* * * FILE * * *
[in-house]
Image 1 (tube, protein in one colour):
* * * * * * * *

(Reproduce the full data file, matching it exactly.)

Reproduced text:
[in-house]
Image 1 (tube, protein in one colour):